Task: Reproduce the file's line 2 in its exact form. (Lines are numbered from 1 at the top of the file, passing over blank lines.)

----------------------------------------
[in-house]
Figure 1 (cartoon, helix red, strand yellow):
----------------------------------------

Figure 1 (cartoon, helix red, strand yellow):